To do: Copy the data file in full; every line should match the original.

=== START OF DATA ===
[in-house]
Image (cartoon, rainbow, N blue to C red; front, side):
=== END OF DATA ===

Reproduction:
[in-house]
Image (cartoon, rainbow, N blue to C red; front, side):